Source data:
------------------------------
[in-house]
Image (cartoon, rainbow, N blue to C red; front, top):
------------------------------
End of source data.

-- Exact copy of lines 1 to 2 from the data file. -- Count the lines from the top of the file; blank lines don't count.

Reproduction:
[in-house]
Image (cartoon, rainbow, N blue to C red; front, top):